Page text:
Abstract tapes, in general, are used in various abstract machines. Probably the best known are Turing machine, RAM machine and RASP machine. Plug-in of the abstract tape for emuStudio is called abstractTape-ram.

There are several properties which an abstract tape might have:

  • Bounded, one-side bounded or unbounded

  • Random access (allowing to move head in both directions) or linear access (allowing to move head only in one direction)

  • Specific or any cell content type (e.g. cells are integers, or strings, or can be any value?)

  • Read only, or read-write cells

  • Purpose of the tape (title)

This plug-in allows to set up such properties, but those are set up by the virtual computer which uses it, not by the user. For more information, please see the Using abstract tapes in your emulator section.

Currently, there are just two virtual computers utilizing this plug-in:

  • RAM machine

  • RASP machine

After emuStudio is run, RAM CPU (or RASP CPU) sets up properties for all used tapes. So the tape "purpose" and behavior is set in run time.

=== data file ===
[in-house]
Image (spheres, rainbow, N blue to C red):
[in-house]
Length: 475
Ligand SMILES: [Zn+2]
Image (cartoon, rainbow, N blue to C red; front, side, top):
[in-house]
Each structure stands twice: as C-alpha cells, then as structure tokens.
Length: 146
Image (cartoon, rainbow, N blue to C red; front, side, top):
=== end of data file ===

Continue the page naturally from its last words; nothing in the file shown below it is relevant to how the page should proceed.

6.1. Installation and run

The abstract tape can be run only as a part of emuStudio. It is installed in location devices/abstractTape-ram.jar.

6.2. Graphical user interface (GUI)

The graphical user interface of the abstract tape is very simple. In order to open it, select the tape in the peripheral devices list in the Emulator panel. Then, click on the "Show" button.

Abstract tape window (Input tape of the RAM machine)

The symbol, highlighted with the blue color is the current head position, in this case. In order to manipulate with particular symbols, one must select the symbol, which appears in bold, as in the following image:

Selected symbol in the abstract tape
  • A: If the tape allows it, one can add new symbol before the selected one in the tape. In the image, the tape does not allow it.

  • B: The tape content area. Usually, each row consists of the symbol "index" or position within the tape, followed by the symbol itself.